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Broccoli for Diabetes

Broccoli, a cruciferous vegetable is part of the Brassica family. It contains a high concentration of sulforaphane, a sulfur compound which is very effective in combating diseases. It is rich in vitamins, minerals, phytonutrients and dietary fiber and is most nutritious if eaten raw. Broccoli is good for diabetes treatment and control, because of its excellent nutritional qualities. To understand how it benefits diabetics’ health, one must know a bit about diabetes.

Diabetes is a disease where the body cannot absorb glucose from the food it digests.

This is due to problems with insulin, a hormone produced by the pancreas, which is needed to absorb and utilize glucose from the blood. This leads to abnormally high levels of sugar in the blood which can have potentially fatal consequences. In Type 1 diabetes, which affects people at a young age, the body’s immune system attacks and destroys cells in the pancreas that are responsible for producing insulin. This leads to a spike in blood sugar levels. Type 2 diabetes occurs when body cells that normally react to insulin do not respond to the hormone. The condition is called insulin resistance. Left untreated, diabetes can cause kidney damage, heart disease, dangerous infections and even erectile dysfunction. Heart disease alone claims the life of almost 80% of diabetics. Diet and exercise can help prevent a lot of the damage caused by diabetes. More on health benefits of broccoli

Broccoli for Type 2 Diabetes

Research has shown that broccoli is packed with nutrients that can help you live a healthier life. It is full of antioxidants, fiber, minerals and vitamins and at the same time has few calories–an important factor when it comes to a diabetes diet. In addition, a phytochemical in broccoli–sulforaphane– may be able to prevent and even reverse the damage caused by diabetes. Diabetes causes damage to the blood vessels, increasing their risk of suffering from heart disease, heart attack and stroke. Sulforaphane in broccoli can help keep the heart healthy, lowering the risk of heart attack and stroke. It also has potent anti-cancer properties and works by increasing liver enzyme levels that are responsible for the destruction of cancer causing chemicals in the body. According to experts, consuming high amounts of broccoli reduces the risks of developing breast, ovarian, lung, colon, prostate and bladder cancer.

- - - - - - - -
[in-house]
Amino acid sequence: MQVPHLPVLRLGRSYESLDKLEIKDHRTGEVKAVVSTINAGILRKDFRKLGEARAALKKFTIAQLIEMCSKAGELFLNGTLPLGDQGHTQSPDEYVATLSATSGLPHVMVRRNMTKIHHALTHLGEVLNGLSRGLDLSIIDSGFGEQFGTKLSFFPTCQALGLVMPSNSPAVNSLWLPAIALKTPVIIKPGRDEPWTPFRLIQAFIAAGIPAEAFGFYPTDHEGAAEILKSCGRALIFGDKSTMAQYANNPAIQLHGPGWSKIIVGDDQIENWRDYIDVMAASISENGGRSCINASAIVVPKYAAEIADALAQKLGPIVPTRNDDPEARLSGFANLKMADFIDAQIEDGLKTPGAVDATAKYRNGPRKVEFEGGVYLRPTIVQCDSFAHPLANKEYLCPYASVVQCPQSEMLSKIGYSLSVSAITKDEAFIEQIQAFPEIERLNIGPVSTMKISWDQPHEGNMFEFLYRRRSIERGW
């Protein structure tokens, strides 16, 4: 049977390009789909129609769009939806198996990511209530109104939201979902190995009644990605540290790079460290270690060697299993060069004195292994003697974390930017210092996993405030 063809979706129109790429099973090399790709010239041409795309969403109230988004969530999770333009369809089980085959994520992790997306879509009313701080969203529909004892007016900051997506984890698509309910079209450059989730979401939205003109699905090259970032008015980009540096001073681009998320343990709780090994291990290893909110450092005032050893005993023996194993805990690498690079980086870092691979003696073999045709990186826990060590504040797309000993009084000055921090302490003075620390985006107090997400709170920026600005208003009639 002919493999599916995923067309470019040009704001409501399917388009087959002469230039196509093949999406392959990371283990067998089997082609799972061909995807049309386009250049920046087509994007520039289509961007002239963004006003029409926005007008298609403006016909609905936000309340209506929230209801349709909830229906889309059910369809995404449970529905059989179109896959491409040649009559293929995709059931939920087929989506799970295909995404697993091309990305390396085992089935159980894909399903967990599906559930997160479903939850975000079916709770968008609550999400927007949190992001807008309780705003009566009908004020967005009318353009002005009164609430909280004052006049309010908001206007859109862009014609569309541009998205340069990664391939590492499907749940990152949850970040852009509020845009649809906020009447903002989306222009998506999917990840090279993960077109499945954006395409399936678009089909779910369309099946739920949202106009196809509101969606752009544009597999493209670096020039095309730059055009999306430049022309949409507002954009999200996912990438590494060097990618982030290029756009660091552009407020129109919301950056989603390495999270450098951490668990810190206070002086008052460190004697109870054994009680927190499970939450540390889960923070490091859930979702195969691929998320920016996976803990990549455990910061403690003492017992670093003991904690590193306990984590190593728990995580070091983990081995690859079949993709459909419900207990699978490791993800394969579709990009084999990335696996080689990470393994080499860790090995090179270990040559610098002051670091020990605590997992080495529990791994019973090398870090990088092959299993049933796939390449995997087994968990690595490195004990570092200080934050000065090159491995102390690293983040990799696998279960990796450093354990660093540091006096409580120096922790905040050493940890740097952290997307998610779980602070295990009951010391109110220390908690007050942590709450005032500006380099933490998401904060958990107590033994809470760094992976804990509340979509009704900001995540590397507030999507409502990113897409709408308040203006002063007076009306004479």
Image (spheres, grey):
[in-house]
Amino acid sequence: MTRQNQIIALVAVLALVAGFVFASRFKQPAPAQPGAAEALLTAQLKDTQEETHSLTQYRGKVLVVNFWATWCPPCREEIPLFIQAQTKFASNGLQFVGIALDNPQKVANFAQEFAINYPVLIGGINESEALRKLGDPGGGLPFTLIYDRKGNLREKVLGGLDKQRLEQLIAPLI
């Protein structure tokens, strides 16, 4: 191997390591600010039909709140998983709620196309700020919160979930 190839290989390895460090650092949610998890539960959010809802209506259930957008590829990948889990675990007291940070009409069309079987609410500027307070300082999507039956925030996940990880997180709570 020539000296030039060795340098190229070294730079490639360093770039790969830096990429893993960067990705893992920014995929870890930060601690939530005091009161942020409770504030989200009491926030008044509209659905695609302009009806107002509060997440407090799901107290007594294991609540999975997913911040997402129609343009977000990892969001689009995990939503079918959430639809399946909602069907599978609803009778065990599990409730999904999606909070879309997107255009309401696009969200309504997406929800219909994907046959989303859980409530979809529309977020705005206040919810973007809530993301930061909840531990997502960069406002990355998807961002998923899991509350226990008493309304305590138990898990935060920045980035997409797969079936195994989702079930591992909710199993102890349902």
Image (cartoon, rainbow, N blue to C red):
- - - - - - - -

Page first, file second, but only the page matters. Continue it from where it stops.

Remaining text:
Broccoli is loaded with vitamin C – a potent antioxidant. 1 cup of broccoli contains about 115 mg. of vitamin C. Even in small amounts, vitamin C can protect our bodies from the damage caused by free radicals. The damage caused by them can lead to diabetes, cardiac disease and stroke, and broccoli can protect us from these killer diseases. Broccoli is rich in dietary fiber which can lower levels of LDL (bad) cholesterol. This lowering of cholesterol helps protect the arteries and prevents the onset of heart disease. High fiber foods such as broccoli also help with weight loss, an important factor in controlling diabetes as it decreases insulin resistance. The less resistant cells are to insulin, the more effective it is in keeping blood sugar levels under check.

Chromium is another trace element that is present in broccoli. The body needs chromium to manufacture glucose tolerance factor (GTF) which helps to metabolize blood sugar. Today, many Americans have low levels of chromium because of unhealthy diets, rich in refined carbohydrates. Another potent antioxidant in broccoli, beta carotene is essential for maintaining healthy eyes. This is of particular concern to diabetics who are prone to developing retinopathy. It has a high content of potassium, sodium, calcium, and phosphorus and has traces of iron, copper, zinc, selenium and manganese. It is also rich in omega-3 fatty acids and omega-6 fatty acids which are also good for heart health.

Broccoli for Type 1 Diabetes

Broccoli is beneficial for type 1 diabetics too. It will, however, not be able to reverse the disease, but can help in maintaining a healthy cardiovascular system by the action of its antioxidants and phytochemicals. Type 1 diabetics will have to continue taking their insulin and other medications as prescribed by their physicians.

Broccoli Recipe for Diabetes

Choose plants with closely packed heads and dark colored stalks as these will have a high nutritional content. Remember to also include the stems and the leaves for their high fiber and nutrient content. Cooking broccoli tends to destroy its nutrients and it is recommended that you eat it raw or lightly steamed. You can make a salad by chopping up 1 cup of raw broccoli, adding lettuce, sprouts and sprinkling a bit of extra virgin olive oil. Add a few crunchy bits of walnuts and enjoy a nutritious and healthy salad.
Submitted on January 16, 2014